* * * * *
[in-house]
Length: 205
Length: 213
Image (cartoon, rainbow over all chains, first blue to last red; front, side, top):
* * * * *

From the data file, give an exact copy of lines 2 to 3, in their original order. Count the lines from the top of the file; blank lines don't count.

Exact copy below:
Length: 205
Length: 213